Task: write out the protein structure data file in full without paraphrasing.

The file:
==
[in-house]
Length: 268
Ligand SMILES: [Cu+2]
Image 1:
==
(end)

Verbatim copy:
[in-house]
Length: 268
Ligand SMILES: [Cu+2]
Image 1: